By Lee A. Sheppard -- email@example.com
Tivoli Gardens, a tiny amusement park situated in central Copenhagen, is either a charming reminder of a more innocent time or an accident waiting to happen, depending on your point of view. Copenhagen was the site of the 2013 International Fiscal Association annual congress, the official color of which was fuchsia pink (yes, your correspondent did don a pair of pink tights one day).
Opened in 1843 and continuously added to, Tivoli is a sentimental mishmash of Coney Island and some old sets from Puccini's Turandot. A mosquito-ridden pond in the middle of the park hosts a pirate ship. The park is ringed with bars and restaurants. Tivoli's Orientalism extends to the newly revamped and pricey Nimb Hotel, which has a series of vaguely Middle Eastern onion-topped minarets. Peacocks and ducks have the run of the place.
With the exception of the truncated carousel, bits of which decorate buildings in the park, most of the rides consist of strapping the customers to wooden chairs and swinging them around high above the ground. Make that very high in the case of the tower with chairs attached to wires. Some of the rides appear to be a century old -- like the whirling biplanes attached to rotating arms.
Rides like these haven't been built in America for five decades -- and for good reason. The park's fake Chinatown lies underneath the tracks for the roller coaster, called the Demon. You read that right.
European tax and corporate laws are like Tivoli -- quaint, charming, antiquated, attractive nuisances just waiting to be abused by sophisticated multinational tax planners. Indeed, the striking thing about the OECD base erosion and profit-shifting action plan is how many of the proposed solutions would essentially call for rewrites of European domestic laws.
For the uninitiated, attractive nuisance is a tort law concept that ascribes to the proprietor of a dangerous instrumentality a duty to restrict access to it on the view that it will inevitably lure people, particularly children, to hurt themselves. An unfenced swimming pool is an attractive nuisance. An aging amusement park ride could be considered an attractive nuisance, but the counterargument is that customers assume the risk, because the machine is being used as intended.
This article looks at a selection of the proposed actions in the action plan, making recommendations and predictions. Needless to say, the former may be more aggressive than the latter. The predictions differ from the hopeful statements of the OECD action plan. Some Europeans are getting cold feet, and it is a safe bet that the Americans will do nothing.
And like the headline, much of this article argues that concepts found in Anglo-Saxon common law would be a more flexible and efficacious way to handle recognized problems. The fate of the BEPS project, and indeed the OECD Centre for Tax Policy and Administration, rests on the follow-through.
Digital economy. As previously explained, the row about the digital economy started with the French observation that there should be some way to tax value added when Google and other remote actors scoop up local customer information and resell it to advertisers. To focus on the digital aspects of the transaction is to focus on the wrong thing. (Prior coverage: Tax Notes, Apr. 22, 2013, p. 364.)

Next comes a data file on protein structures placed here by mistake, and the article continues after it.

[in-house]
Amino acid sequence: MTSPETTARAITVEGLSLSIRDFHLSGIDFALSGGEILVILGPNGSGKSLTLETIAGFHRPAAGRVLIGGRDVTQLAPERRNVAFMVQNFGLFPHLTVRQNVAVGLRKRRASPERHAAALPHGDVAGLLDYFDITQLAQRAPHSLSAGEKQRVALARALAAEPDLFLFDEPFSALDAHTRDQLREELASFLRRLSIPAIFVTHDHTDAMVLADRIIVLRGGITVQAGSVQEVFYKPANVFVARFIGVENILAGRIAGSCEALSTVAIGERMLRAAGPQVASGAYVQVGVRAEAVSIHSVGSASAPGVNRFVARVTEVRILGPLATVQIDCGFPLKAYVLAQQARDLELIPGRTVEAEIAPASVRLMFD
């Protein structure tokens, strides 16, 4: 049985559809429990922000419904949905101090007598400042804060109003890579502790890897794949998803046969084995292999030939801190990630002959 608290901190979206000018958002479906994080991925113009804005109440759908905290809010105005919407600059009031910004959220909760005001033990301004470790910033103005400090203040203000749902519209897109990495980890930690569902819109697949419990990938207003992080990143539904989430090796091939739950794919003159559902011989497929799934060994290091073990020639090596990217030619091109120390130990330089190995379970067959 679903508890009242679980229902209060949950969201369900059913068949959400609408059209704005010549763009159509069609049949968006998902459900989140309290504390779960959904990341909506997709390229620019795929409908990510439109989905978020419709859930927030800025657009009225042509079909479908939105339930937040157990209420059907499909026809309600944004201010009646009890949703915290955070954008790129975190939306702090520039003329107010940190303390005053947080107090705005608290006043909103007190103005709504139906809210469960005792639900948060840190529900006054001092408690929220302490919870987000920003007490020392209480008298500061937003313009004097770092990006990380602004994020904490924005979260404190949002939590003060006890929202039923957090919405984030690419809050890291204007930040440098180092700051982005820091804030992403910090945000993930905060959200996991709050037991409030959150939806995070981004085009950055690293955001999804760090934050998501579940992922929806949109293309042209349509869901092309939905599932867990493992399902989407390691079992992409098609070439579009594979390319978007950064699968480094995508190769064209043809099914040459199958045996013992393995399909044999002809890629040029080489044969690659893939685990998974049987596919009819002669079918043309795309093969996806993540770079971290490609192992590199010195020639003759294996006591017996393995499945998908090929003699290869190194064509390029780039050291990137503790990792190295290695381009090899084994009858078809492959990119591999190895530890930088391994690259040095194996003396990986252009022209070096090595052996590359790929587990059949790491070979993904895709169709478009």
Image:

Digital upload is a business-to-consumer transaction requiring no physical presence of the business (or at least not what the OECD article 5 commentary considers physical presence). It doesn't matter what the business is selling -- there is value creation wherever there is a customer base, regardless of data sharing. The presence of the immobile local consumer and the economic activity of the nonresident business should be the focus.
There is no good way to impose income taxes on Google without also taxing Louis Vuitton when it sells handbags in China. But if the French and other luxury goods purveyors dependent on Asian markets want to avoid this conflict by imposing a VAT or an excise on digital uploads, there is nothing the OECD and its income tax treaties can do to stop them.
Prediction: This awkward issue has already been swept under the rug by being relegated to a study.
Arbitrage. Tax arbitrage is what our readers do. It's been one of the central problems of treaty-based relationships for a long time, but the OECD and various governments winked at and even encouraged it in order to minimize taxes on their national champions. The theory was that those national champions would not turn on their own governments or whittle their tax bills down to negative numbers. They did.
A case in point: repos. At the IFA USA/Germany joint meeting in Hamburg, there was a discussion of using a cross-border repo between the United States and Germany to get an arbitrage result and facilitate repatriation of profits to the United States. The subject of the repo was special shares issued by an affiliate. Practitioners consider this transaction technically sound because Germany regards the U.S. parent -- the obligor on the loan represented by the repo -- to be a third party.
This transaction was popular between the United States and United Kingdom a decade ago despite the treaty. The British adopted highly specific antiabuse rules. (Prior analysis: Tax Notes, Apr. 4, 2005, p. 15.) The IRS also cracked down, holding the U.S. side to secured loan treatment for the repo (ILM 200645018). (Prior analysis: Tax Notes, Dec. 6, 2004, p. 1307.)